Shortly after meeting Tory “executioner” Sir Graham Brady, she addressed the nation in the spring sunshine of Downing Street – watched by adoring husband Philip – and admitted her time is up.
The PM confessed she now has no chance of ever getting her Brexit deal through Parliament but insisted “I have done my best” to deliver on the referendum result.
As Mrs May enters her final days:
- Boris Johnson is favourite to take over as the next Prime Minister
- The leadership election will take around six weeks and conclude by the end of July
- Brexit is now on pause until the new PM is in place with Brussels bosses claiming the deal can’t be rewritten
- Tory MPs paid tribute to Mrs May’s resilience – even the ones who plotted against her
- Jeremy Corbyn demanded an immediate General Election
Today the PM claimed she had done all she could to take Britain out of the EU with a deal, saying: “Ever since I first stepped through the door behind me as Prime Minister, I have striven to make the United Kingdom a country that works not just for a privileged few, but for everyone. And to honour the result of the EU referendum.
“If you give people a choice you have a duty to implement what they decide. I have done my best to do that.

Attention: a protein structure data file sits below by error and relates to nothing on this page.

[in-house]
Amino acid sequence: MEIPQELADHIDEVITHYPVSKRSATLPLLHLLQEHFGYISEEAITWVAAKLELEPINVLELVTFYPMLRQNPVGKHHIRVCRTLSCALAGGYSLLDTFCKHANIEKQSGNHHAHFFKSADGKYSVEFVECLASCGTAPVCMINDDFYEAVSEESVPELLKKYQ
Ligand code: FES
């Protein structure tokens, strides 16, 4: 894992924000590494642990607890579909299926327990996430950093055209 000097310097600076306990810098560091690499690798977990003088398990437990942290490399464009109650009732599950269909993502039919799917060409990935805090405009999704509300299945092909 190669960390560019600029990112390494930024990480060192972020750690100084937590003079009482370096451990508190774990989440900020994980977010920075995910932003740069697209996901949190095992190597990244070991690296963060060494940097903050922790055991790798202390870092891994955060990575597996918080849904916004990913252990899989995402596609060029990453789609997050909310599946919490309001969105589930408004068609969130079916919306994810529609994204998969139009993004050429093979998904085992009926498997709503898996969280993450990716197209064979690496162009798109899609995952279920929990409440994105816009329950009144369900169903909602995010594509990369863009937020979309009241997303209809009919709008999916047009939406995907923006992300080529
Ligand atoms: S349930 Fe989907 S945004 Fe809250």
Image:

“Sadly I have not been able to do so. I tried three times – I believe it was right to persevere even when the odds against success seemed high.”
Her voice cracking, she attempted to defend her legacy and insisted she has helped to fix Britain’s “burning injustices”.
Mrs May concluded: “I will shortly leave the job it has been the honour of my life to hold – the second female Prime Minister, but certainly not the last.
“I do so with no ill will but with enormous and enduring gratitude to have had the opportunity to serve the country I love.”
After her speech, the PM and Philip May drove off to spend the Bank Holiday weekend at their home in Sonning, Berkshire.
Mrs May will stay in office for the next two weeks, allowing her to welcome Donald Trump to the UK on his state visit, and step down as party leader on June 7.
She will then continue as interim PM until a new Tory leader is chosen, and finally leave office in July.
Jeremy Corbyn today called for the new Prime Minister to trigger a snap General Election and let voters decide who should lead the country, saying: “The Prime Minister is right to have resigned. She has now accepted what the country has known for months – she cannot govern, and nor can her divided and disintegrating party.
“Parliament is deadlocked and the Conservatives offer no solutions to the other major challenges facing our country. Whoever becomes the new Conservative seader must let the people decide our country’s future, through an immediate General Election.”
The embattled Mrs May ran out of road this week after her Brexit deal collapsed and ally Andrea Leadsom stormed out of the Cabinet.